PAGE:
As consumers are looking to nutrition to address their health and fitness concerns, botanical ingredients and flavors are gaining the spotlight.
An Increasingly Botanical World
In recent years, Innova’s annual Top 10 Trends research has identified plant-based diets
as a strong direction for nutrition. Although this mainly focuses on the increasing popularity of veganism and the transition to meat and dairy alternatives, it also represents a broader movement towards plant-based products and an emphasis on the benefits of the natural world for health and nutrition.
Consumers adopt numerous approaches to healthy eating, but almost half approach their health by choosing natural foods with inherent nutrition or by opting for positive nutrition, including positively healthy foods rather than simply excluding undesirables. Botanicals play a role in each of these health systems, both as inherently healthy ingredients and as added functional actives.
Demand for Healthy Botanicals
Consumers are focusing on nutrition as a strategy to tackle their physical and mental health. They are purchasing functional food and beverage targeting health through hydration, gut health, better sleep, and boosting immunity. Innova’s research shows that many consumers accept active botanicals as functional ingredients, with clean label and naturalness closely allied to health. In consumers’ words, one in three consumers claim to buy supplements more than once a month. One in six consumers claim they take an herbal supplement and consider botanicals important in supplements that target specific conditions.
Consumers seem to perceive these categories are multifunctional, as they increasingly believe natural ingredients make for safer supplements and that botanical ingredients are effective.
Healthy Botanicals in Use
Botanicals are less likely to carry active health claims and slightly more likely to feature natural claims when used in food and beverage products. When botanical ingredients are used in brain supplements, the prevalence of brain health claims is higher than in supplements that do not use them. NPD growth data supports the idea that increased prevalence of brain-health supporting botanical supplements is concurrent with consumers’ increased focus on mental health. In fact, adaptogenic botanicals are among the fastest-growing ingredients in use, including ingredients such as specialty fungi, ginseng, ashwagandha, astragalus, bacopa, and gotu kola. Besides botanical alternatives, other established health ingredients are also on-trend. For example, the use of algae to deliver omega-3s or green coffee as a natural source of caffeine. Botanicals that support calmness and relaxation are also in greater demand to aid mental health.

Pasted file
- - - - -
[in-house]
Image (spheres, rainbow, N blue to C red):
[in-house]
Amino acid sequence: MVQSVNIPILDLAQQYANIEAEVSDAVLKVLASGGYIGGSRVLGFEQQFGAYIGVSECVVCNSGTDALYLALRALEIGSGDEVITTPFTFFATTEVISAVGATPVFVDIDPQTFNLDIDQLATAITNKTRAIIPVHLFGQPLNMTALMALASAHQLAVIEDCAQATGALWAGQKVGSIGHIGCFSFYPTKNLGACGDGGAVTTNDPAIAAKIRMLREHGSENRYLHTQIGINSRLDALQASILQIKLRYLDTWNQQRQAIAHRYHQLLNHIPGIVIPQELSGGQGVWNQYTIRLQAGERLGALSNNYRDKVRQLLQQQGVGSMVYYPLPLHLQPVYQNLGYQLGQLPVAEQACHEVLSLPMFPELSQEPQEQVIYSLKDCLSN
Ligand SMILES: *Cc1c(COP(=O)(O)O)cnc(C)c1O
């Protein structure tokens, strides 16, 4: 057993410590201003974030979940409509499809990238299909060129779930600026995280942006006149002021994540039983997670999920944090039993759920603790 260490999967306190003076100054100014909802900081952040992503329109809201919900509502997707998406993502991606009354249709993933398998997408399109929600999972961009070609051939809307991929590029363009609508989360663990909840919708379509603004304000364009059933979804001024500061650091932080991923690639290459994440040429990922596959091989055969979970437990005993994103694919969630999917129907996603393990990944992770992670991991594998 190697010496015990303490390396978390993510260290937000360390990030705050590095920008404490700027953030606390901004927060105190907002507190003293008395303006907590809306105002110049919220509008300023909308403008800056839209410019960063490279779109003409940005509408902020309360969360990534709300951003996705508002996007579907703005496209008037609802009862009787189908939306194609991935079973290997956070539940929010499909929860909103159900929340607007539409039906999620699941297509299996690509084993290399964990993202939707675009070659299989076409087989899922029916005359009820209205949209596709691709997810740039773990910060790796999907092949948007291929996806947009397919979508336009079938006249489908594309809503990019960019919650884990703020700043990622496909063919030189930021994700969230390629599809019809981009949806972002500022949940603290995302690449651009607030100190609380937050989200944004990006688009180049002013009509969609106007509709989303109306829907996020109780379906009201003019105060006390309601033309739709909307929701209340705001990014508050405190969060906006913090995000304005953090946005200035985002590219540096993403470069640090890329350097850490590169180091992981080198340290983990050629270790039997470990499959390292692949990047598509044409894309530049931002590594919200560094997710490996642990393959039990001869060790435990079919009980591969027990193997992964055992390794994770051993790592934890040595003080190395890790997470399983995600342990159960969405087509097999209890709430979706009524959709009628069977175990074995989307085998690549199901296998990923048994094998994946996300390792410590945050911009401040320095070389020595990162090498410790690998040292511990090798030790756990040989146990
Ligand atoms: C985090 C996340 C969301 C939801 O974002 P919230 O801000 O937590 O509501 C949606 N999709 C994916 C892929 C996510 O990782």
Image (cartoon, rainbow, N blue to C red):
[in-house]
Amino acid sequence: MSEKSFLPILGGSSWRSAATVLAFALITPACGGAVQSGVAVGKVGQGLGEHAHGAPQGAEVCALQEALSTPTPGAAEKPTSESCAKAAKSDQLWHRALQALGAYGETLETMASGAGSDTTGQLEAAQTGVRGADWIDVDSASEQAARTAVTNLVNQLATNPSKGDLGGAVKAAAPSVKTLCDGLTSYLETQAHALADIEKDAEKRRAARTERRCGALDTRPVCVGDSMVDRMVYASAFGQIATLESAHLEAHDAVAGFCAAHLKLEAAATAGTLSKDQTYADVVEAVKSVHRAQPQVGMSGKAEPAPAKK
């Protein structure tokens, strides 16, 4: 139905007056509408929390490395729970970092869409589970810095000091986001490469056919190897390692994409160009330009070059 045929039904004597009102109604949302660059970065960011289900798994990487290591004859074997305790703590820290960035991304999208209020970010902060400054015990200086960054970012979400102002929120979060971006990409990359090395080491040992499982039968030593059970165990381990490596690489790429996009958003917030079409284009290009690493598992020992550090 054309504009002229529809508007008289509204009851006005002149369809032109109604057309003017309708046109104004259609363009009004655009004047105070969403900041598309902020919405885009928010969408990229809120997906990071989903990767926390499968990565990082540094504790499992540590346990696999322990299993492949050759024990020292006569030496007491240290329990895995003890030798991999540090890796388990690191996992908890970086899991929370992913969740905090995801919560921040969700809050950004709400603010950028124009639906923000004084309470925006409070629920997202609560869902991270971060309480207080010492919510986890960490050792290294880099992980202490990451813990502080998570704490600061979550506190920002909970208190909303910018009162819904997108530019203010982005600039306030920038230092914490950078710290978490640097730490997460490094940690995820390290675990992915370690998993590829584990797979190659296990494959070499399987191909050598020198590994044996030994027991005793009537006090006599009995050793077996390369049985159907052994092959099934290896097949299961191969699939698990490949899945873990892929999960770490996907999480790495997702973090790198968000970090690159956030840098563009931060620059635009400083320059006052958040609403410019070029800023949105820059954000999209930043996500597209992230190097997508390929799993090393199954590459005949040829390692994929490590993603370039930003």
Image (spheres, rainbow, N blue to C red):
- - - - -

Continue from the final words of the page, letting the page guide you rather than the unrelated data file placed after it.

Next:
Demand for Botanical Flavors
Consumer research shows that consumers often favor familiar flavors, yet many are still drawn to products possessing novelty, mood boosters, pleasure-promising, and excitement. Botanical tastes can create the opportunity to offer these characteristics by combining tradition and familiarity with unusual or unexpected notes.
Another aspect consumers rely on familiarity for is the association between fruit, vegetable, and herb flavors to health, while florals over-index on the association with calming and relaxing benefits. Additionally, mint and citrus flavors are associated with refreshment and spicy spices with stimulation.
Moving away from familiarity, beverages present themselves as an important area of experimentation for consumers, with demands for fruit and floral tastes in soft drinks and herbal or floral tastes in teas. Overall, consumers believe botanical flavors are healthy and sustainable.
Botanical Flavors in Use
Botanical flavors show the potential to support different aspects of a product, including novelty and variety as well as health, tradition, and naturalness. Core botanical flavors categories such as fruit and vegetables are underperforming the wider market, but in each case, there are still fast-growing individual tastes that stand out. The fastest-growing subcategory of botanical flavors are flowers, which have been particularly popular in beverages, promising to deliver both health and added value. Herbal flavors are also growing strongly and are being used in a similar way to add sophistication. Spices and seeds are also over-indexing the wider market and represent another component that can add value. This shift in focus on value is further evident in diversification and premiumization.
Going forward, botanicals will continue to contribute to the twin aspects of food and beverage development, especially in health and taste. Further opportunities for mental health ingredients lie in more holistic approaches to health. Therefore, adaptogenic plants are expected to maintain their strong growth trajectory. Simultaneously, botanical flavors will be used to support other active health ingredients, which can look like a probiotic yogurt with superfruit flavors. Flavor sophistication will be a significant focus for botanical ingredients in the future as consumers seek greater flavor variety to achieve more interesting and unique eating and drinking experiences.
This article is based on our Ingredient Insider report, “From Garden to Global: Navigating Future Growth & Innovations in Botanical Ingredients & Flavors.” If you are interested in reading our report, feel free to request a demo. You can do this by either booking a demo or using our Contact Form.